I am doing a lot of background reading on the state of the UK economy right now. This come from the IMF, last year:
House price increases in the UK stand out among the OECD economies. Over the past 30 years, real house prices have increased the most in the UK when compared with other OECD economies. Indeed, over this period, annual house price increases have averaged 3 percent in real terms, compared with 1 percent for the OECD as a whole. This divergence in house price increases was particularly pronounced from the mid-1990s through the Great Recession. Furthermore, house prices in the UK have also been a lot more volatile when compared with other advanced economies.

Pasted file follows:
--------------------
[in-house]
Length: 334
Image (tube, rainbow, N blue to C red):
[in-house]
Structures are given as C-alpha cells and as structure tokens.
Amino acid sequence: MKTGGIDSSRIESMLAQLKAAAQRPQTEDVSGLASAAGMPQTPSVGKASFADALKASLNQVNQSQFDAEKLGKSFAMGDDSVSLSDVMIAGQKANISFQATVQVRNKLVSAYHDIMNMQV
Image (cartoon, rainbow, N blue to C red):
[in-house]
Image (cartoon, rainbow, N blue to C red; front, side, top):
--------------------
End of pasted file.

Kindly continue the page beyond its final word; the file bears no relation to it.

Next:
The assertion is supported by a graph:
It's a might screwed up economy we have in the UK.
And if we want to put it right we have to resolve the housing, and associated debt problems.
Which means in the coming downturn People's Quantitative Easing may very well be funding the building of new social housing. There really isn't anything we can do that can better recreate the balance we need in our economy.
Well, that, and creating a real investment fund for new small business growth in key sectors like renewable energy, funded in the same way.